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Logo of Phnom Penh Post newspaper Phnom Penh Post - ‘Illusion’ of democracy: report

‘Illusion’ of democracy: report

‘Illusion’ of democracy: report

Cambodian democracy has been eroded by a systematic campaign of government intimidation and prosecution of citizens and activists exercising their right to freedom of expression, according to a report released by the rights group Licadho on Saturday.

The report, titled Freedom of Expression in Cambodia: The Illusion of Democracy, outlines nearly 50 case studies from April 1 to September 30 that the authors claim involve “violations of expressive rights”.

“There is nothing particularly unusual about this six-month period – there were no elections, armed conflicts or national emergencies. Rather, we believed that focusing on a short period would illustrate the magnitude of Cambodia’s freedom of expression problem,” the report says.

The report details numerous high-profile cases, including government threats to expel from the country foreign diplomats and United Nations officials and the prosecution of several opposition party members.

It also includes a host of cases concerning the extortion of journalists, the prosecution of rights workers and the intimidation of residents involved in land disputes with government-backed private companies.

“These seemingly disparate stories, from all corners of the country, are not isolated incidents,” the report says.

“These cases follow patterns, and their similarities are not coincidental. They have the markings of a systematic crackdown.”

Among the cases cited in the Licadho report is the murder of 66-year-old Pich Sophon, who was shot dead on April 26 after campaigning on behalf of fellow residents who were involved in a land dispute with a South Korean company and the Royal Cambodian Armed Forces in Battambang province’s Samlot district.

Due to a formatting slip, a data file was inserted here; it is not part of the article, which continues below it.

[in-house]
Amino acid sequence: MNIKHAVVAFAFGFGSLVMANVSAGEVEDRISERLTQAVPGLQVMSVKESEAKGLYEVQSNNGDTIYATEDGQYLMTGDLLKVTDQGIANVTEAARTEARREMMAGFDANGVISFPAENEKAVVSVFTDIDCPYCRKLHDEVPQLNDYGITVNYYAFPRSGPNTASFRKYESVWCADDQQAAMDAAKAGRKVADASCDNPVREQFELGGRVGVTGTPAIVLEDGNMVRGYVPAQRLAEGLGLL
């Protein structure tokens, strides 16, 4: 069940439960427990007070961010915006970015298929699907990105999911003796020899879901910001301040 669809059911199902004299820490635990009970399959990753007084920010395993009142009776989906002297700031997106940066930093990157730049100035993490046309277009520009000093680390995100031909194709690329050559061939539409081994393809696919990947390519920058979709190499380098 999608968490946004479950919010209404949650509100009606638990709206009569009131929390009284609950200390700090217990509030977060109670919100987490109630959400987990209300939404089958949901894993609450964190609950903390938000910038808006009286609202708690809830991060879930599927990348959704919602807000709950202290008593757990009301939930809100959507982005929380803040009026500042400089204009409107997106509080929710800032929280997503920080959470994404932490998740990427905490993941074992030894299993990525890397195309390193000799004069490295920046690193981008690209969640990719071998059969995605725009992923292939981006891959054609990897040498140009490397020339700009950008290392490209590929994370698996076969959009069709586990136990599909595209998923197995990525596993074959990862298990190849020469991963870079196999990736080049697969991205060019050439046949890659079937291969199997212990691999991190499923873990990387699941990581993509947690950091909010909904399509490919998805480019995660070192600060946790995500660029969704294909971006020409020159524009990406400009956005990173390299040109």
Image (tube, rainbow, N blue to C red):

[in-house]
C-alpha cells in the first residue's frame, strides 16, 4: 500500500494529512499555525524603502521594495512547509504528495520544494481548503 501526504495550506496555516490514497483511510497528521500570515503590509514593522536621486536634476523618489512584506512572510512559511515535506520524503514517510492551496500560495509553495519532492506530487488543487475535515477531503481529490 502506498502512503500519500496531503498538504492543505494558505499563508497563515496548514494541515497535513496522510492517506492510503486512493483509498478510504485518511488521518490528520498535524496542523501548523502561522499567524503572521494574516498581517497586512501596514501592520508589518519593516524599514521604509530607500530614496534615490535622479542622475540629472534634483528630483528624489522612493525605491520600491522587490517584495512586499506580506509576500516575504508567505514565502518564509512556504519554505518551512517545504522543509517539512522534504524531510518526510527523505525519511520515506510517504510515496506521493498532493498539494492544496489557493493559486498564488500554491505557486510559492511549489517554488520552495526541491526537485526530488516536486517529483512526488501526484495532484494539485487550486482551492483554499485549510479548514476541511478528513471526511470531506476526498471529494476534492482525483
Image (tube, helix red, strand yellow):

According to the report, no arrests have been made in connection to Pich Sophon’s killing.

Also cited is a letter from Foreign Minister Hor Namhong, who in March accused the United Nations country team of “flagrantly interfering” in the government’s affairs by criticising the swift passage of anti-graft legislation.

At the time, Hor Namhong threatened to expel Douglas Broderick, the UN resident coordinator, warning that the office had “exceeded the limit of its mandate”. According to the authors of the report, such restrictions on freedom of expression are the consequence of a government that is “increasingly fearful of dissent”.

“The ruling elite have consolidated power and harnessed it for their benefit – and the benefits have been lavish,” the report says.

“They are loath to part with their privileges, no matter the cost. Rule of law has been supplanted by rule of the powerful. Voting is a charade, and democracy has become an illusion.”

Among other things, the report calls for the government to allow legitimate police and judicial investigations into the murders of journalists, human rights defenders, union activists and others whose deaths were related to expressive activities.

It also requests that it refrain from lifting the parliamentary immunity of politicians who are exercising their democratic duties.

Sam Rainsy Party spokesman Yim Sovann said yesterday that the Licadho report “reflects the reality of Cambodian society”.

“Most people are concerned about recent human rights abuses; corruption is still a major problem and land rights are still a major problem,” he said. “All the time it is getting worse.”

He said a lack of access to information in Cambodia was further evidence that the Kingdom was not functioning as a democracy.

“We cannot say Cambodia is a democratic country while we have limited access to information,” he said. “If we want a democratic society we need transparency in everything.”

On Thursday, the SRP sent a draft Freedom of Information law to the National Assembly for consideration. SRP lawmaker Son Chhay said yesterday that the law would require officials to make available documents that are routinely withheld from opposition party members and others trying to monitor the actions of the government.

But Yim Sovann said yesterday that he was pessimistic about the ruling party’s willingness to adopt such legislation.

“The ruling party has no political will to build a democratic society,” he said. “Corruption is the pillar of the ruling party.”

Ek Tha, a spokesman for the Council of Ministers’ Press and Quick Reaction Unit, said yesterday that a healthy media presence in Cambodia was proof that democracy and freedom of expression were “blooming”.

“If you go to any village you will see people listening to the radio or reading the paper,” he said. “We do not block any radio, television or newspaper; that’s key to democracy.”

He also pointed to steps the government had taken within the last year – including the introduction of the new Penal Code – as examples of ways in which democracy was being strengthened.

“You cannot achieve full democracy overnight, things take time. We went through so much suffering; we had more than 30 years of civil war. The government is doing its best,” he said.

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